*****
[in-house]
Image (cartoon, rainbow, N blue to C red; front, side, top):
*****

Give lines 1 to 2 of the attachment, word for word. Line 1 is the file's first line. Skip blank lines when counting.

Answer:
[in-house]
Image (cartoon, rainbow, N blue to C red; front, side, top):